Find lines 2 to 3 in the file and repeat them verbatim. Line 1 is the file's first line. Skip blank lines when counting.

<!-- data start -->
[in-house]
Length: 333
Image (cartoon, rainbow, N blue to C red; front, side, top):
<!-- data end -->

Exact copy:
Length: 333
Image (cartoon, rainbow, N blue to C red; front, side, top):